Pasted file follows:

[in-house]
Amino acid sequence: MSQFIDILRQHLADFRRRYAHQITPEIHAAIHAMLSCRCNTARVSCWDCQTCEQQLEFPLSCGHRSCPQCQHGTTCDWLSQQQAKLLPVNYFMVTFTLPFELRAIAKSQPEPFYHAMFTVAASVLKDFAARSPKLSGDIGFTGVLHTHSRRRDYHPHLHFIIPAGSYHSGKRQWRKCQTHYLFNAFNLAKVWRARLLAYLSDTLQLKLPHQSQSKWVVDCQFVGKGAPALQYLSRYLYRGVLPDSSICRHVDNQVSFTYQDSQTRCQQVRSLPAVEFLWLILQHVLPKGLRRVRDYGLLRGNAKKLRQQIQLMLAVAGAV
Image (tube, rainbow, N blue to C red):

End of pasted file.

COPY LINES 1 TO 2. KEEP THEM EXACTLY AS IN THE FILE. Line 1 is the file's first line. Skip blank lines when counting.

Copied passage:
[in-house]
Amino acid sequence: MSQFIDILRQHLADFRRRYAHQITPEIHAAIHAMLSCRCNTARVSCWDCQTCEQQLEFPLSCGHRSCPQCQHGTTCDWLSQQQAKLLPVNYFMVTFTLPFELRAIAKSQPEPFYHAMFTVAASVLKDFAARSPKLSGDIGFTGVLHTHSRRRDYHPHLHFIIPAGSYHSGKRQWRKCQTHYLFNAFNLAKVWRARLLAYLSDTLQLKLPHQSQSKWVVDCQFVGKGAPALQYLSRYLYRGVLPDSSICRHVDNQVSFTYQDSQTRCQQVRSLPAVEFLWLILQHVLPKGLRRVRDYGLLRGNAKKLRQQIQLMLAVAGAV